Updated on Mar 28, 2016 09:00 AM PDT 
Program Harmonic Analysis
Organizers: LEAD Michael Christ (University of California, Berkeley), Allan Greenleaf (University of Rochester), Steven Hofmann (University of Missouri), LEAD Michael Lacey (Georgia Institute of Technology), Svitlana Mayboroda (University of Minnesota, Twin Cities), Betsy Stovall (University of WisconsinMadison), Brian Street (University of WisconsinMadison)The field of Harmonic Analysis dates back to the 19th century, and has its roots in the study of the decomposition of functions using Fourier series and the Fourier transform. In recent decades, the subject has undergone a rapid diversification and expansion, though the decomposition of functions and operators into simpler parts remains a central tool and theme.This program will bring together researchers representing the breadth of modern Harmonic Analysis and will seek to capitalize on and continue recent progress in four major directions:Restriction, Kakeya, and Geometric Incidence ProblemsAnalysis on Nonhomogeneous SpacesWeighted Norm InequalitiesQuantitative Rectifiability and Elliptic PDE.Many of these areas draw techniques from or have applications to other fields of mathematics, such as analytic number theory, partial differential equations, combinatorics, and geometric measure theory. In particular, we expect a lively interaction with the concurrent program.Updated on Oct 06, 2015 07:56 PM PDT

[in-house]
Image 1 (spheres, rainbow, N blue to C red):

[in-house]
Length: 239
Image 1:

Program Analytic Number Theory
Organizers: Chantal David (Concordia University), Andrew Granville (Université de Montréal), Emmanuel Kowalski (ETH Zuerich), Philippe Michel (Ecole Polytechnique Federale de Lausanne), Kannan Soundararajan (Stanford University), LEAD Terence Tao (University of California, Los Angeles)Analytic number theory, and its applications and interactions, are currently experiencing intensive progress, in sometimes unexpected directions. In recent years, many important classical questions have seen spectacular advances based on new techniques; conversely, methods developed in analytic number theory have led to the solution of striking problems in other fields.
This program will not only give the leading researchers in the area further opportunities to work together, but more importantly give young people the occasion to learn about these topics, and to give them the tools to achieve the next breakthroughs.